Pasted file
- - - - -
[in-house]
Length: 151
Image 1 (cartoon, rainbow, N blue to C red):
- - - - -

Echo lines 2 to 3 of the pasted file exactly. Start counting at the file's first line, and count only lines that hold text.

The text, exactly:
Length: 151
Image 1 (cartoon, rainbow, N blue to C red):